Recently, a friend asked in a group text for books on helping kids identify and name feelings. We came up with several titles in our group, and I reached out to a couple of librarian friends for more suggestions of social-emotional learning (SEL) books. Kids experience all kinds of Big Feelings, and being able to identify and name them is an important skill. Books in the first category below cover a broad range of feelings; books in the second category focus particularly on feelings that can be overwhelming, like fear, anger, and sadness, and many offer strategies to manage these strong emotions. Finally, there are a couple of nonfiction titles. If there’s a book you think belongs on one of these lists, please add it in the comments!
A range of feelings
- Happy Hippo, Angry Duck: A Book of Moods by Sandra Boynton: This simple board book is great for babies and up – really exaggerate your facial expressions and tone of voice as you read.
- The Way I Feel by Janan Cain: This also comes in board book format; it identifies and describes a number of key feelings
- The Feelings Book by Todd Parr: Feelings are always changing – share them with someone you love.
- The Rabbit Listened by Cori Doerrfeld: When a child’s magnificent tower of blocks collapses, they don’t want to talk about it, or ruin someone else’s, or rebuild it just the same – they just want to be listened to.
- I Feel Teal by Lauren Rille and Aimée Sicuro: A girl’s moods are rendered in different colors over the course of the day; the text encourages readers to let all their feelings through – “they’re the palette that makes you YOU.” (A librarian friend recommends My Many Colored Days by Dr. Seuss and The Many Colors of Harpreet Singh by Supriya Kelkar, both of which likewise pair colors and feelings.)
- The Color Monster by Anna Llenas: A little girl takes a monster by the hand and helps it identify its feelings, leading to a feeling of contentment.
- In My Heart: A Book of Feelings by Jo Witek: Readers enter a little girl’s heart through these heart-shaped die-cut pages, where each page turn reveals a different emotion inside.
- Wild Feelings by David Milgrim: “Do you ever feel _____? …Of course you do. Everyone does.” Both kids and grown-ups experience the whole spectrum of feelings.
- When We Are Kind by Monique Gray Smith: On each page spread, the author shows a different act, and how it makes the people involved feel. The text includes questions, encouraging discussion.
- Random House Book of Poetry for Children, edited by Jack Prelutsky: Sometimes poems use fewer words to say more. This collection has plenty of funny, goofy, nonsense poems, but covers most feelings too.
- Grumpy Pants by Claire Messer: A grumpy penguin figures out how to wash away a persistent case of the grumps. (For a slightly longer picture book on the same topic, try Sophy Henn’s Pom Pom Panda Gets the Grumps.)
- The Bad Mood and the Stick by Lemony Snicket: Illustrates how a bad mood can move from one person to another through the way that people treat each other.
- Swarm of Bees by Lemony Snicket: The swarm of bees represent anger; a beekeeper calms them down.
- Ruby Finds A Worry by Tom Percival: The worry starts out as a little scribble, but as Ruby ignores it, it grows. It’s only when she sees another kid with their own worry and they talk about them that their worries shrink.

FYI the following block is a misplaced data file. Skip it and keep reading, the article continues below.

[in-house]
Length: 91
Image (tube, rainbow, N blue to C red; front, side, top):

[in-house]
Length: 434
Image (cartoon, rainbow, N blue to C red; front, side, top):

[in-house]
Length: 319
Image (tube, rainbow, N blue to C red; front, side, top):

- The Worrysaurus by Rachel Bright: A little worrysaurus goes into a worry spiral until he remembers his mom’s good advice and uses good coping tools to restore his equilibrium.
- When Sadness Is At Your Door by Eva Eland: When a child opens the door to a large, amorphous, seafoam-green creature, it begins to follow them around. “Try not to be afraid of sadness. Give it a name. Listen to it. Ask where it comes from and what it needs.”
- Dear Substitute by Audrey Vernick and Liz Garton Scanlon: A student is taken aback by the unexpected presence of a substitute teacher; throughout the day, she slowly adjusts to the change.
- When Sophie Gets Angry – Really, Really Angry by Molly Bangs: Sophie does get really angry, her anger rendered in intense bright colors – but she takes herself out of the situation and calms down by herself, without help, before returning, demonstrating that it’s possible to feel Big Feelings and recover.
- The Big Angry Roar by Jonny Lambert: A lion cub needs to let his anger out, but none of the other animals’ suggestions work at first. Finally, the strategy of taking deep breaths, counting to ten, and making funny faces puts the lion cub in a calmer frame of mind.
- The Angry Little Puffin by Timothy Young: In this comical story, a puffin stuck in the penguin exhibit at the zoo is deeply annoyed – until a little girl spots him and tells her dad all about puffins, and how they are different from penguins. Just being seen and understood changes his mood completely.
- Llama Llama Mad at Mama by Anna Dewdney: Mama Llama displays calm and patience in the face of Llama Llama’s drama. Her most powerful tool? Empathy. (She doesn’t want to do the grocery shopping, either!)
- How Do Dinosaurs Say I’m Mad? by Jane Yolen and Mark Teague: The comically oversize dinosaurs offer young readers a chance to critique and learn from their behavior.
- Tiger vs. Nightmare by Emily Tetri: This is a graphic novel for young readers about facing fears, with support and on their own.
- How Do You Feel? by Lizzy Rockwell: After an initial spread showing several kids on a playground, the subsequent pages zoom in on each child’s expression and identify their emotion; the final endpaper shows expressions labeled with their emotion.
- What Are Feelings? by Katie Daynes: This short, lift-the-flap book from Usborne lets readers explore happiness, sadness, fear, anger, and worry
- All About Feelings by Felicity Brooks: This Usborne title goes a bit more in depth, explaining how to recognize, manage, and talk about feelings; it also includes a note for grown-ups.